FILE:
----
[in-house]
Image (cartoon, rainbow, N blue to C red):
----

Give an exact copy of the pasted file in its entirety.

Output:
[in-house]
Image (cartoon, rainbow, N blue to C red):